JIN-309 -- The Way of Ryotaro Shiba

J@pan Inc Magazine Presents:

T H E J @ P A N I N C N E W S L E T T E R

Commentary on the Week's Business, Technology and Cultural News
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Issue No. 309
Tuesday February 15, 2005 TOKYO

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CONTENTS

@@ VIEWPOINT: The Way of Ryotaro Shiba

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@@ VIEWPOINT: The Way of Ryotaro Shiba

February 12 marked the ninth anniversary of the passing of
Ryotaro Shiba, novelist, essayist, travel writer. Yet 250
paperback editions of his 350 books still line store shelves.

His sales figures startle. The novel "Ryoma ga Yuku," about
Sakamoto Ryoma, the Meiji Restoration hero, has sold 21.5
million copies; "Saka no Ue no Kumo," the story of the
destruction of the Baltic fleet during the Russo-Japanese War,
14.45 million; "Tobu ga Gotoku," about Takamori Saigo,
11 million. Even his less popular historical novels have
sales figures in the millions. In the travel/essay genre,
his "Kaido wo Yuku" (Travels by the Old Highways) has sold
10.09 million copies, and his "Kono Kuni no Katachi"
(The Shape of This Country), 3.6 million.

Altogether, including such genres as dialogues with other
authors, more than 180 million copies of his books have
been printed--more than one copy for every man, woman,
and child in Japan. There are several reasons for his
continuing popularity.

Beginning with "Ryoma ga Yuku," written over 40 years ago,
his works continue to meet the current of the times.
Today, when there are no promising politicians, many readers
wish for a leader like the hero of a Shiba novel. As well,
readers of his essays wonder what Shiba would have thought
of a current problem.

A further reason for his continuing popularity is that he
wrote historical novels with panache. Although a man of
scholarly bent, his novels do not smell of the lamp. He
brought a fecund imagination to historical fiction and
intuited the motives of great figures. In short, his
characters come alive on the page.

Part of his immense readability stems from his staying
aloof from theories and schools of literature. "I want
to write about representative men," he said in the
afterword to "Moeyo Ken." "I feel that was my motivation
for becoming a novelist. I have never been conscious of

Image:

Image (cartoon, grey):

creating anything grand like art or literature."

In December 1970, at the age of 47, Shiba set out on his
first trip to gather material for what would become the
43-volume series "Travels by the Old Highways."

Why did he begin traveling in 1970? The promise of the
rapid economic growth of the 1950s had been realized in
the 1960s. Japan had reached par with the advanced nations,
as symbolized by its holding the Olympics in Tokyo in
1964. But by 1970, with a fridge in the kitchen and car
in the garage, the dream had turned sour. Houses were
being rebuilt in concrete. Jerry-built cookie-cutter
apartment blocks dotted the landscape. Signboards swung
from utility poles in towns and billboards greeted drivers
on pork-barrel highways cut through forest. The Chisso
Corporation was on trial for having dumped an estimated
27 tons of mercury into Minamata Bay, part of the
Shiranui Sea, off Kyushu, from 1932 to 1968.

The loss was brought home to Shiba when he climbed
to the top of the former site of Azuchi Castle, today
in Shiga Prefecture. Moved by the beauty of the lake
from there many years ago, he had returned. But
after an arduous climb to the summit, he saw no water.
The lake, once an important transport route, had
been reclaimed.

In the latter half of the heady years of high economic
growth the Japanese had undertaken such reclamation projects
without compunction. The sites of festivals and the
crossroads and byways that had been witnesses to the carnage
of history--all were fast disappearing. Shiba, with a
sense of urgency, began traveling. He felt compelled to
sound the alarm.

Shiba translated the English word "identity" as "sato,"
one's home or village. The spirit of one's home, the
diversity of the Japanese, evident as one travels from
valley to valley--these things excited him. He endeavored
to capture them. The result was this large literary work
called "Kaido wo Yuku."

The anniversary of his death has been marked by publication
of a 15-volume set of his essays, the launch of a glossy
weekly magazine illustrating "Kaido wo Yuku," and the
reissue of the series in a large (10.5 pt typeface) format.

From January 2006 NHK will begin a yearlong broadcast of an
adaptation of Shiba's novel "Komyo ga Tsuji." For the
Japanese, the way of Shiba Ryotaro seems endless.

-- Burritt Sabin

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EDITOR
Written and edited by Burritt Sabin (editors2@japaninc.com)

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